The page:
Floods and Transboundary Rivers
- September 29, 2022
- Posted by: OptimizeIAS Team
- Category: DPN Topics
Floods and Transboundary Rivers
Subject: International Relations
There has been an increase in the magnitude, the frequency and the intensity of floods in many parts of the world. This is further compounded by the lack of transparency in the sharing of hydrological information and also information relating to activities (such as by one riparian state) that are transboundary in their effect (affecting other riparian states), thus serving as an obstacle in understanding the magnitude of flooding.
International obligation in using transboundary natural resources:
No state has to use its territory in a manner that causes harm to another state while using a shared natural resource. Hence there is a binding obligation on all states not to release water to cause floods in other co-sharer of the river water.
International Court of Justice (ICJ) ruling on transboundary rivers:
The ICJ, in the Pulp Mills on the River Uruguay (Argentina vs Uruguay) case (2010), upheld that conducting a transboundary environmental impact assessment (TEIA) of a planned measure or projects on the shared water course is part of customary international law. Further, the ICJ noted that the acting state must notify the affected party of the results of TEIA.
India’s concerns with Brahmaputra:
- China is the upper riparian in the Brahmaputra hence has an apparent leverage vis-à-vis lower riparian India.
- Construction of dams by China and the excessive water release, as a “dam controller”, in violation of customary international law has the potential to exacerbate flooding in Assam in future.
- Lack of comprehensive sub-basin or all basin-level mechanism to deal with water management of Brahmaputra.
- India and China are not party to the United Nations Convention on the Law of the Non-Navigational Uses of International Watercourses (UNWC) 1997 or the United Nations Economic Commission for Europe (UNECE) on the Protection and Use of Transboundary Watercourses and International Lakes 1992 (Water Convention).
Existing mechanism between India and China:
India had signed a memorandum of understanding (MoU) with China in 2013 with a view to sharing hydrological information during the flood season (June to September). But the MoU does not allow India access to urbanisation and deforestation activities on the Chinese side of the river basin.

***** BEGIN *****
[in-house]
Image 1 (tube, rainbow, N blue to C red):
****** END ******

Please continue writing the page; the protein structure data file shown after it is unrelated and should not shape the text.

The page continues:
India and Nepal:
Floods are also a recurrent problem in the Koshi and Gandak river basins that are shared by India and Nepal. The India-Nepal Koshi agreement 1954 (revised in 1966) is aimed at reducing devastating flooding in the river basin. The treaty-based joint bodies have also tried to refine the early warning systems for flood forecasting.
- Procedural norms that support the management of floods, which include notification of planned measures, the exchange of data and information, and also public participation.
- India and other stakeholders like China, Nepal and Pakistan could become a party to either the UNWC and the Water Convention which could lay the groundwork for a bilateral treaty on the Brahmaputra but subject to the reservation that it should not insist on the insertion of a dispute settlement mechanism provision.
The Convention on the Law of Non-Navigational Uses of International Watercourses-
- commonly referred to as the UN Watercourses Convention, is an international treaty, adopted by the United Nations on 21 May 1997, pertaining to the uses and conservation of all waters that cross international boundaries, including both surface and groundwater. It entered into force on 17 August 2014.
- Each member state that shares in a resource is required to provide information to other sharing states about the condition of the watercourse and about their planned uses for it, allowing sufficient time for other sharing states to study the use and object if the use is perceived to be harmful.
- The treaty also requires states to take reasonable steps to control damage, such as caused by pollution or the introduction of species not native to the watercourse, and imposes an obligation on states that damage a shared water resource to take steps to remedy the damage or to compensate sharing states for the loss.
The Convention on the Protection and Use of Transboundary Watercourses and International Lakes (Water Convention)
- Itwas adopted in Helsinki in 1992 and entered into forcein 1996.
- It is a unique legally binding international legal instrument and intergovernmental platform which aims to ensure the sustainable use of transboundary water resources by facilitating cooperation. Initially negotiated as a regional instrument, it has been opened up for accession to all UN Member States in 2016.